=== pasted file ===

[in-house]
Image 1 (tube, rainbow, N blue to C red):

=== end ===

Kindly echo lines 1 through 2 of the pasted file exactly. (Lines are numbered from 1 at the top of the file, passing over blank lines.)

[in-house]
Image 1 (tube, rainbow, N blue to C red):